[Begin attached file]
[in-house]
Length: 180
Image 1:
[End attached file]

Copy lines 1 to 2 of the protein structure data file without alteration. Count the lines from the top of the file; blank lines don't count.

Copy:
[in-house]
Length: 180